A comet’s regular run at the sun is dicey business, and the most promising space snowball of the year is already feeling the heat as it cruises toward Earth and our local star.
Comet C/2023 P1 (Nishimura) was first spotted last month by Hideo Nishimura, an amateur astronomer in Japan, using only a digital camera setup and a lot of skill. It’s set to make a close pass by Earth on Sept. 12 and then whip around the sun on Sept. 17 before being flung back out to deep space. If it survives that long.
Comet Nishimura has been meeting some serious resistance in the form of blasts of charged particles and plasma issuing forth from a tumultuous sun. Observers like astrophotographer Michael Jaeger (see above) watched Saturday as a solar storm engulfed the comet and appeared to blow a portion of its tail away for a moment.
Here’s a more dramatic example that was captured by NASA in 2007 of Comet Encke having its tail briefly stolen:
“Researchers call this a disconnection event; It’s caused by a CME (or fast solar wind stream) hitting the comet,” former NASA astronomer Tony Phillips wrote at Spaceweather.com. “Nishimura’s tail has since grown back — but it might not last for long. More CMEs are heading its way.”
CME stands for coronal mass ejection, which is an eruption from the outer layers of the sun that often accompanies a solar flare. Think of it as a very strong gust of energetic wind coursing through space and causing electromagnetic chaos. This is the same force that causes auroras to light up the skies when it collides with Earth’s magnetic field. It can also influence other things in space, like asteroids and comets.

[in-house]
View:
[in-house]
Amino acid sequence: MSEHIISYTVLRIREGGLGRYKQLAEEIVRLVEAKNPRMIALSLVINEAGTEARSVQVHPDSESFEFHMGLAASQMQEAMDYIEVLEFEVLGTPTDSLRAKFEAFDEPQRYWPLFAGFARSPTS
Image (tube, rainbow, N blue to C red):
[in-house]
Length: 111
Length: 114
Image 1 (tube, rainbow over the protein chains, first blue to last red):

The sun is currently building toward the peak of its roughly 11-year solar cycle, which means more frequent flares and CMEs. At least two more of the ejections Phillips mentioned issued forth from the sun’s corona on Tuesday, exploding in the direction of Comet Nishimura.
How to catch the comet
All this rough space weather can be a bit distressing for skywatchers hoping to see the comet with the naked eye. Although the comet is still approaching Earth, now could be the ideal time to start looking for it. Nishimura is expected to be bright enough to see as soon as Sept. 8, but in the Northern Hemisphere it will appear near the horizon, making it a bit tougher to locate.
“It’s really best seen with binoculars or a telescope,” Alison Klesman, who holds a doctorate in astronomy, wrote for Astronomy.com. “But through those optics, it will dazzle.”
In other words, it’s going to be easier to spot in early morning skies with some sort of magnification, so might as well start looking right away.
Search for the comet in the constellation Leo an hour or two before sunrise. You can use apps like Stellarium, Star Walk or TheSkyLive to help locate it.
It’s very difficult to know what the future holds for a comet. They can travel for centuries from the edge of the solar system to make a single orbit around the sun. At the same time they are fragile things with a tendency to disintegrate as they pass through the inner solar system. They’ve even been known to crash into Jupiter or the sun along the way. The dinosaurs may also have had a close encounter with one many millions of years ago.
So with all the turbulence the sun is sending out lately, it’s good to get up early to try to see Comet Nishimura for yourself while it’s still holding itself together. Good luck!